Credit card billing and interest can be confusing, but understanding how your payment cycle works can help you use your credit card much more efficiently. For example, many cards offer something known as a grace period—a time period in which you can make purchases that won’t accumulate interest.
Keep reading to learn what a credit card grace period is, how you can benefit from it, and how long most grace periods last.
Table of Contents
What is a grace period on a credit card?
It’s important to understand those terms:
- Statement closing date: As mentioned, this is the end of your credit card billing cycle. On this date, your card issuer will send you your statement balance (keep in mind your statement balance and current balance are different), which is a list of all the charges you racked up on your card during that cycle and which you now have to pay off (or at least make a minimum payment on).
- Payment due date: However, you don’t have to pay your balance immediately on the closing date. You’ll have at least 21 days before the due date, by which time you’re required to make a payment.
Again, the period of time between those two dates is known as your grace period.
Illustrating your credit card billing cycle
To make the timeline of your billing cycle clearer, review the illustration below.
Note that the grace period is technically part of your next month’s billing cycle, not the cycle that you’ve already received a balance for.
Many grace periods are interest-free
Many credit card issuers waive interest charges on purchases made during the grace period—as long as you fulfill certain conditions, which we’ll describe in detail below. However, this isn’t a requirement. Whether or not card issuers offer an interest-free grace period is at their own discretion.
If your credit card does offer an interest-free grace period, you can take advantage of it to minimize your spending and use your card much more efficiently than you’d normally be able to.
How to tell if your card has a grace period
To see if your credit card has a grace period, check the card’s “rates and fees” or “terms and conditions” page. You can also check the information in your card’s online portal. Your grace period will typically be listed near your card’s APR.
If none of these return results, call the number on the back of your card and ask a customer representative.
Why is your credit card grace period important?
Your grace period is important because it reduces your borrowing costs and helps you manage your finances. Here are the two major benefits of a credit card grace period:
- Extra time to pay: A grace period gives you extra time (at least 21 days) to secure the finances to pay off your statement balance. This lets you avoid late fees and improve your credit score.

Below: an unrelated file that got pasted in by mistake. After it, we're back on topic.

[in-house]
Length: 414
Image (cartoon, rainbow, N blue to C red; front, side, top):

- No interest: Depending on the length of your credit card’s grace period, you could enjoy 21–55 days of interest-free spending on your credit card. As mentioned, we’ll explain this in detail in the next section.
How do credit card grace periods work?
As we said, your credit card’s grace period begins on the last day of your billing cycle, known as your statement closing date. You may also see this day referred to as your:
- Statement date
- Closing date
- Close date
Your statement closing date is an important day in your credit card billing cycle, as this is when your card issuer will tally up all your charges for that cycle and submit your bill to you. Any purchases you make on your card after the statement closing date will be added to your next cycle’s bill.
How interest works in the grace period
If you pay off your statement balance (the bill you just received) in full by the payment date, you won’t be charged any interest on those purchases.
Moreover, if you have an interest-free grace period, then purchases you make during the grace period—between your statement closing date and your payment due date—also won’t accrue interest.
However, there’s a catch: this is only true if you completely pay off your statement balance. If you don’t pay it off in full (even if the unpaid amount is very small, such as $5), then not only will you be charged interest on that $5, you’ll also immediately be charged interest on any purchases you made during the grace period.
Even worse, this interest will apply retroactively. This means it will be charged as though it had begun accruing as soon as you made the charges, instead of beginning to accrue on the payment due date when you failed to pay your statement balance in full.
An example of how credit card grace periods work
Credit card grace periods can be a little unintuitive, so they’re best explained with an example.
Let’s say you owe $500 on a credit card which has a statement closing date of March 15. Your due date for the bill is April 10. In other words, your grace period is March 15 through April 10.
During the grace period, you rack up a further $200 of charges on the card. As of April 10, you owe: